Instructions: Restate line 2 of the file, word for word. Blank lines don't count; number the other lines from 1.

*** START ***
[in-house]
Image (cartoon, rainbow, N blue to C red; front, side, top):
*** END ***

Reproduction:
Image (cartoon, rainbow, N blue to C red; front, side, top):